Martinsville was crawling with art, music, theater and more Saturday evening.
It was the area’s first Culture Crawl, and it brought the uptown area to life.
It included art and entertainment in uptown Martinsville and the surrounding area. A number of centers and shops were open from 4-8 p.m. Several restaurants were open late.
“I’m visiting places I never go, even though I live here all the time,” said Margaret Lewis. The teenager and her mother got an early start, arriving at Piedmont Arts at the 4 p.m. starting time.
The Patriot Players, Patrick Henry Community College’s performing arts troupe, set the pace for the event. They gave well-attended performances in two locales.
There was a party atmosphere at the Artisan Center, which served up hors d’ouerves and music as the Patriot Players members and the cast of their upcoming production of “Purlie — The Musical” performed several songs.
Brandon Martin’s rendition of “Don’t Let Me Go” flirted with the crowd as his voice soared and then again beckoned them in for quiet attention when he lowered his voice and looked people in the eye.
Patriot Players Artistic Director Devin Pendleton normally is behind the scenes, but Saturday he went in front of the audience. He and Amber Crum sang “Falling Slowly” while Alyssa Arminian played the violin and Austin Janey played the guitar. Jenni Gregory sang a sultry “Snap Your Fingers” while Sydney Coulson and Stacey Davis danced. Then the entire cast rocked the room with “Signed, Sealed and Delivered.”
The group performed later at the FAHI museum.
At FAHI, Edith Grevious read an essay about uniting a community while Austin Janey played a mandolin softly in the background. Then Louandrea Young and her 13-year-old son captivated the audience with a rousing rendition of “Smile.”
Singer Bridgette Burnette toyed with the audience with “I Got Love” from “Purlie.” Brandon Martin sang “Shadowland” from the Lion King.
Virginia Museum of Natural History Executive Director Joe Keiper showed his funky side. Outside the front entrance of the museum, he played an electric guitar with a fun beat. A few museum visitors danced past him as they left the building.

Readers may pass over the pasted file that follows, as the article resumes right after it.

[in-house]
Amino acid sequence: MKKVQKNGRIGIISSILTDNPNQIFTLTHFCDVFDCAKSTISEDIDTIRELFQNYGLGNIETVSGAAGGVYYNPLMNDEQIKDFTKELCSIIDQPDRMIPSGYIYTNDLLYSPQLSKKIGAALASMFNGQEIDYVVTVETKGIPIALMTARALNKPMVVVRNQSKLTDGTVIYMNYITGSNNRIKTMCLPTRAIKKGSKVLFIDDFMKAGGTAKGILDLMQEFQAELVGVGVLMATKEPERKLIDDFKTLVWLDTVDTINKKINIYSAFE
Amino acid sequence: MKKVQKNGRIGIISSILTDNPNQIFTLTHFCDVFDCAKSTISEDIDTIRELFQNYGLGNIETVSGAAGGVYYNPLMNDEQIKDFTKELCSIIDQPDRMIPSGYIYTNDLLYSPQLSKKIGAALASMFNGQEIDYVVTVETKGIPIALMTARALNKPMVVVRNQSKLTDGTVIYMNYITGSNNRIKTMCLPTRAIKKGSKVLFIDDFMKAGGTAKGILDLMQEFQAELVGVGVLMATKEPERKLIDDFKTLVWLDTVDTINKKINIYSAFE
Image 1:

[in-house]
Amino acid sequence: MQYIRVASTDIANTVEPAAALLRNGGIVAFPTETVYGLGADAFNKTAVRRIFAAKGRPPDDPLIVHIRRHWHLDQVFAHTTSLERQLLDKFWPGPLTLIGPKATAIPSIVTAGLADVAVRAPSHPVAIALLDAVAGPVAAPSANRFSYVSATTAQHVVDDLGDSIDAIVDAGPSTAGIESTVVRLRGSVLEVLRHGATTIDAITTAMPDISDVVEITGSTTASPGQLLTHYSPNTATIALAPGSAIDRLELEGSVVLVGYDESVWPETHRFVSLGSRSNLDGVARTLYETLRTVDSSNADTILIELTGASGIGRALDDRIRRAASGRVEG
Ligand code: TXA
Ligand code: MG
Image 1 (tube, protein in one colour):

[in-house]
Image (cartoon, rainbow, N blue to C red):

On Church Street, Virginia King played a violin outside Steve Rucker’s building. Rucker bought and renovated the former social services building. Several people stopped in to see the antique shop on the ground floor and his telephone museum upstairs.
In the back rooms of the Artisan Center, Bill Fain and others gave demonstrations of the Fab Lab. Karen Despot demonstrated sewing techniques. She was on the schedule to demonstrate quilting, she said, but instead she was working on a wedding dress, which caught many peoples’ attention.
“Someone asked if it was for a production,” she laughed. No; it actually was for a bride-to-be who had just discovered she could not fit into it, and she was due to have her portrait taken in half an hour. Her wedding will be on another day.
At Piedmont Arts, volunteers from the SPCA had dogs on the lawn. One was Teapot, a small poodle being cared for by volunteer Jodelle Woods. Woods said she never misses helping out at an SPCA event and was hoping people would leave plenty of donations.
One of the biggest events on the Culture Crawl wasn’t even on the schedule. It was a wedding at the former Henry County courthouse. Bedecked chairs were arranged across the lawn. The bride arrived in a horse-drawn carriage. The event was watched and talked about by people throughout the evening.
Browsing about Studio 107, Terri Tobin remarked that she wished more people had come for what turned out to be a fun evening.
“It’s really nice,” she said. “I’m glad all these stores stayed open. I’m surprised not to see more people.”
Dianne Vann echoed a similar sentiment. “I’m enjoying it. It’s wonderful,” she said. “I wish I saw more crowds out.”
A shuttle, courtesy of the city of Martinsville, gave free rides to Culture Crawl wristband-holders.